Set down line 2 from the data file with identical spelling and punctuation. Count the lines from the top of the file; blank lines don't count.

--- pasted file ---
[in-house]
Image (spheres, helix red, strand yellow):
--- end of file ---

Image (spheres, helix red, strand yellow):